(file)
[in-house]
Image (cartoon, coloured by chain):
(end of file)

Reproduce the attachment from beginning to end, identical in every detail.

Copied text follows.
[in-house]
Image (cartoon, coloured by chain):